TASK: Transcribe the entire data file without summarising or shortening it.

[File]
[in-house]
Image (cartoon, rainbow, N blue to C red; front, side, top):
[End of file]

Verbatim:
[in-house]
Image (cartoon, rainbow, N blue to C red; front, side, top):